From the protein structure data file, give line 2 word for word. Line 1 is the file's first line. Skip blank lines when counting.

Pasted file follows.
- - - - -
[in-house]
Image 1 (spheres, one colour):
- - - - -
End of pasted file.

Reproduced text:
Image 1 (spheres, one colour):